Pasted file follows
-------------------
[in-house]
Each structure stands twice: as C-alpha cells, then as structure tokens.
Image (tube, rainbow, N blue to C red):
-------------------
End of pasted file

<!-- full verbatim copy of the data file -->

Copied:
[in-house]
Each structure stands twice: as C-alpha cells, then as structure tokens.
Image (tube, rainbow, N blue to C red):